Wednesday, 2 September 2015

Rainstill park

Painshill! in Cobham, Surrey, was once again to be a venue for a bank holiday shindig. Being a bank holiday it would be rain and shine.  I arrived with John Flapjaques about four-thirty and many folk were already there and set up and the beer was on the go. A chap called Sam Reid was with us to research his next book 'The Daughter of the regiment' and he was soon well enough at home, hopefully the 45eme will get a cameo in his story.

Senting up my little camp I elected to be our piquet against any incursions from the 60th rifles in their bivouac/palisade just across the way.  I would pay them several friendly visits, the traditional bon accord between piquets.. except one where I threatened to shoot them for being half asleep under canvas whilst the 'sentry' had wondered off to get something from the car.

Next morning after breakfast I took a stroll around the area and found some sites I missed last time like this mock-ruin down by the lake, still in the morning shadows.

At about ten was some drill, including a bit of individual instruction, just to see if people get basic orders without being able to copy their neighbour.  At the end of the drill we formed up with the British for a minutes silence, one of our long standing members, Barry, had recently passed away, and we remembered him as we always will.

Then came the first battle (two were planned each day) with us starting on top of a slope down to the road. Which would become a French victory.
Marching up for the second battle I noticed a big wet patch around the pan on my musket, spillage? unlucky splop of rain water? and I worried it might not fire well if powder immediately turned to gunk.. I then had the honour of being sent out with Rob to skirmish at the head of the army, great! unless I couldn't get a shot off in front of everyone, in which case awful.  Bang! Henriette was fine and I was relieved and enjoyed popping off half a dozen rounds at the rifles and redcoats emerging from the trees, then fell back to the ranks.

             Please note that all the battle pictures in this post are by the excellent Alan Balding.

                                En avant! Drive off the few surviving rifles from the crest of the hill.

                                Will Squeaky re-load before that Scotsman with the sword gets him?
                                     Second skirmish, me being bundled to death in the centre.

 Another evening under the awning, bit reduced in numbers, cooked myself a red onion flomlette (flour and water) and some Crabbe's ginger ale, Mr Crabbe himself was around in the 1800s sourcing ingredients from around the world to make new drinks, apparently including ginger beer. So there.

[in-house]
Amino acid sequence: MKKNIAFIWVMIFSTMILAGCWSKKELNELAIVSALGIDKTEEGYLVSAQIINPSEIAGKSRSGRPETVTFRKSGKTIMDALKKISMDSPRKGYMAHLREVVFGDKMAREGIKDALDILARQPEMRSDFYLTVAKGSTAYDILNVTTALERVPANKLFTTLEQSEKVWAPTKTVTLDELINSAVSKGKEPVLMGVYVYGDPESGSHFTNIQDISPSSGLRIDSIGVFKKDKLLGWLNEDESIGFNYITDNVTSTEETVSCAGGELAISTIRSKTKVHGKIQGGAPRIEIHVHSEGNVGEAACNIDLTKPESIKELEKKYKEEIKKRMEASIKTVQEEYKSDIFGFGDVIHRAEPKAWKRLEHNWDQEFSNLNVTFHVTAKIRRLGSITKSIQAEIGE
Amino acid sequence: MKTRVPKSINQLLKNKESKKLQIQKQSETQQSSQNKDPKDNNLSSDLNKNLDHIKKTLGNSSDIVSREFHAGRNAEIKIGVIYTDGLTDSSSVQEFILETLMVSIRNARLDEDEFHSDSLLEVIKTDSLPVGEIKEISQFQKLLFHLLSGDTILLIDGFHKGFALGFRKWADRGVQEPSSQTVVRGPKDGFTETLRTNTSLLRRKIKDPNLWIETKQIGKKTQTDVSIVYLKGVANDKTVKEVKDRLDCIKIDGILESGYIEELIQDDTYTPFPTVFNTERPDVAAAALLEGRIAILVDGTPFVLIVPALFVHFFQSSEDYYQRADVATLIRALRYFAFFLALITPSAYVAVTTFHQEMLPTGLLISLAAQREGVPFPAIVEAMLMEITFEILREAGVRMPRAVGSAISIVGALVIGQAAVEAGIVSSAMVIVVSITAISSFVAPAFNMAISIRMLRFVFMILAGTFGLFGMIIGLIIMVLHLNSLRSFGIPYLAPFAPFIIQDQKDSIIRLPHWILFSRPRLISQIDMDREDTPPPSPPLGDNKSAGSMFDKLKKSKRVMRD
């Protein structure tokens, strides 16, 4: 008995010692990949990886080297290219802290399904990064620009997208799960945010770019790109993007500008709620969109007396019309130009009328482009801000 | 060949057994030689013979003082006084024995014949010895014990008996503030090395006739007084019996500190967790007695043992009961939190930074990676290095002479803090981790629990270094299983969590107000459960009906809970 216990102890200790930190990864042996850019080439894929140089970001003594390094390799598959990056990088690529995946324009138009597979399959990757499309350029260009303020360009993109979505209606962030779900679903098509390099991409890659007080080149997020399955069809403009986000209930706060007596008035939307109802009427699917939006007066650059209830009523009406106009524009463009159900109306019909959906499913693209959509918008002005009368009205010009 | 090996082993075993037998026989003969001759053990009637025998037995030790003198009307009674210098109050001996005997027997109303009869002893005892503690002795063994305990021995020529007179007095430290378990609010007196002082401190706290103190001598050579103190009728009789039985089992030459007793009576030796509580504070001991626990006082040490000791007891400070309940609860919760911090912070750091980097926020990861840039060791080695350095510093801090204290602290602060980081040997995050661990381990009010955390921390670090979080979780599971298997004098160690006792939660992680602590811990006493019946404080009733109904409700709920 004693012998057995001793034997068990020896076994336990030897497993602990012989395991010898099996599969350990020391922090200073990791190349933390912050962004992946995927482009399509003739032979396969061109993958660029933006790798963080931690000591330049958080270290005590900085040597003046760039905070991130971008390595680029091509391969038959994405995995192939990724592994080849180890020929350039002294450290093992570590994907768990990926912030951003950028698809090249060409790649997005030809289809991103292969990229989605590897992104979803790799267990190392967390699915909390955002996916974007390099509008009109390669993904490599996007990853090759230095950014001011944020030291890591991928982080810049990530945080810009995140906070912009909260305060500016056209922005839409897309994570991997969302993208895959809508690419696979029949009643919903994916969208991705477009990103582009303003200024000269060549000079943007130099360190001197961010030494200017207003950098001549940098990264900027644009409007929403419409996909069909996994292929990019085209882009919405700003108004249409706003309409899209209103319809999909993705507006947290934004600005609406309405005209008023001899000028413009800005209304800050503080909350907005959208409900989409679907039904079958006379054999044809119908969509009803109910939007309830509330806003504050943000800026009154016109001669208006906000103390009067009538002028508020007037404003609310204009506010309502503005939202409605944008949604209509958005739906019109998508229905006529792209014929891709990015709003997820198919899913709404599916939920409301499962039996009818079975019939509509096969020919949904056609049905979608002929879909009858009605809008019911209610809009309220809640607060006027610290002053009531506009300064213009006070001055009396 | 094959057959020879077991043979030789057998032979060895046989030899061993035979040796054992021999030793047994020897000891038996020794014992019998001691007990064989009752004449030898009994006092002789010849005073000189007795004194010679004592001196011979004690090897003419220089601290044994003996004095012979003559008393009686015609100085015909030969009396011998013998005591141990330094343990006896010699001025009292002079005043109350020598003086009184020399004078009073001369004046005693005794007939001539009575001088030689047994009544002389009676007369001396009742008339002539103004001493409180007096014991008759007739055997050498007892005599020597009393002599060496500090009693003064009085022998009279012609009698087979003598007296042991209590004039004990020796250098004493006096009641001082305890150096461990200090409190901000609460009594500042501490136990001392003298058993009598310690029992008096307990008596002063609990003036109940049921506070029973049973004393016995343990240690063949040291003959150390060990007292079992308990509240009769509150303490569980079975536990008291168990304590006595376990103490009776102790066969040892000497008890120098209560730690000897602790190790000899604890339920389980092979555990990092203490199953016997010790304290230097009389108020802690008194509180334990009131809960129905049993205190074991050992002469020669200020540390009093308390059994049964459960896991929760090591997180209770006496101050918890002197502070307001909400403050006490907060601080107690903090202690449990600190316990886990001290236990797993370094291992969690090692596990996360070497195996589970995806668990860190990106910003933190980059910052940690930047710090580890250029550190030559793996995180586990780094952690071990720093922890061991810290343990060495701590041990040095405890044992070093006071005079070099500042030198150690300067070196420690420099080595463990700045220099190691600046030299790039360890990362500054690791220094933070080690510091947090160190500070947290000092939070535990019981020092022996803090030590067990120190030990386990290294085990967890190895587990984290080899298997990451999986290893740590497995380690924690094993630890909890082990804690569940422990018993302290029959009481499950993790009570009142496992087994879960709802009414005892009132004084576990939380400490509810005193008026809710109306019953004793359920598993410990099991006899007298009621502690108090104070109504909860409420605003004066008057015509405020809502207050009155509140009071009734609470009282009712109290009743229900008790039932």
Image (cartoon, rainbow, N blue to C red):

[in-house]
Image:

The rain had come now and the Riflemen in the piquet decided the flood warnings were not a good sign and we bid them adieu.

I got to sleep quite well and awoke to the sound of rain on the canvas cover a couple of times, but then dawn was upon us and someone was asking if I wanted a coffee. Yes I would, I have really come to like black coffee in camp although I don't drink it anywhere else.

Another glorious morning.

  With the prospect of a day of rain Duncan went off to see if the plans had changed and sure enough there would be no morning drill and probably only one battle instead of two, depending on visitors, if people were here there would be but as ten o'clock came and went only a couple of brave souls with umbrellas had ventured out. It was pleasant just sitting under the awning and passing the time.

Come one o'clock more folk had appeared and the second battle from yesterday was re-fought, which meant a British victory. The rain actually stopped about ten minutes before hand. Everyone was still worried about whether the rain would cause misfires and there were whole vollies where the 'fire!' order was met with a dozen miserable 'Clicks'. No fire at all.  In one exchange about four Riflemen were killed by only two muskets going off. That's good shooting.

 The Birthday biscuit. A year ago to the day Sergeant Gower traded me a biscuit for a bit of cake, this is a bit of that biscuit, still entirely edible and possibly more so with damp conditions to soften it up.

                                       These people declined my biscuits. Poor biscuits.

The battle being wrapped up and weather seemingly on the mend another battle might have been on the cards but no, more rain was forecaste and we were told we could pack up once the public had dissipated from the battle area. One of the organisers came to thank us for coming and that they were pleased. At first we had worried that far fewer reenactors had turned up than promised, due to other events on that weekend and what was coined 'Waterloo fatigue'.. people who did the run up to, and battle of, Waterloo then decided they were done for the year. Coming back next year was spoken of so they must have been happy, though perhaps on another date as it always rains on the bank holiday.

Packing away the wet awning and tents was not a pleasant prospect but everyone pitched in and the camp began to disappear, leaving brighter green patchs here and there. Goodbyes were said and next meet ups mentioned but it felt like the year was closing.. still not done quite yet! 

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